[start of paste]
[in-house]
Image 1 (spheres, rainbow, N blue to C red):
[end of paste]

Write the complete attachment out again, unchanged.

[in-house]
Image 1 (spheres, rainbow, N blue to C red):